For a Microsoft Internet Security and Acceleration (ISA) Server 2000 version of this article, see 321516.
This article describes how to connect a computer that is running either the Microsoft Windows Server 2003 Routing and Remote Access service or Internet Security and Acceleration (ISA) Server 2006 or ISA Server 2004 to a cable/DSL router and to access the Internet for browsing and e-mail for all clients on your local area network (LAN). If you use a DSL router, you do not have to use a Point to Point Protocol over Ethernet (PPPoE) driver on all Windows clients and on the Windows 2003-based server. In this environment, you have to make sure that you are using the correct routing configuration on both the DSL router and the server that is running either Routing and Remote Access or ISA Server. The DSL router has to know about all networks that are behind the Windows 2003-based server to be able to return all answers to the client's LAN.
The following configuration is an example of a network and an IP configuration:
IP address: 192.168.1.1 Subnet Mask: 255.255.255.0
Windows 2003-based server
DSL network adapter IP address: 192.168.1.2 Subnet Mask: 255.255.255.0 Gateway: 192.168.1.1 LAN network adapter IP address: 192.168.168.249 Subnet Mask: 255.255.255.0
The default gateway of the DSL network adapter (external network) points to the IP address of the DSL router.
LAN network adapter IP address: 192.168.168.10 Subnet Mask: 255.255.255.0, Gateway: 192.168.168.249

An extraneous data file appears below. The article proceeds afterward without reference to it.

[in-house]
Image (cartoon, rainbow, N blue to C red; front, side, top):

To create the scenario that is described in the "Summary" section of this article, set the default gateway of all clients to the IP address of the LAN network adapter of the Windows 2003-based server. Set the DNS server entry on all network adapters to the IP address of the ISP's DNS server or to the IP address of the DSL router if it is configured as a DNS server.
If you experience connectivity issues on clients, check the routing table on the DSL router. You can access most devices by using an HTTP Web page (such as http://192.168.0.1). If the route is not present, add a static route to the client's network. To do so, use the following settings:
ISA Server has a built-in routing functionality. For more information about this functionality, see the Microsoft ISA Server Help. For additional information about the correct setting for internal and external network adapters and the Local Address Table (LAT), click the following article number to view the article in the Microsoft Knowledge Base:
300876 How to connect your company to the Internet by using ISA Server 2000 with Windows 2000
Make sure that you are using the latest firmware updates for your DSL router.
Most DSL devices have to be restarted after you make a configuration change. After you restart the device, the switching table is rebuilt if the router has a built-in switch technology.
Review the documentation of your DSL router. If you do not have the manuals, see the manufacturer's Web site. For information about your hardware manufacturer, visit the following Web site:
If you use a virtual private network (VPN), the router must be able to handle two VPN connections at the same time. However, some routers cannot handle two VPN tunnels at the same time.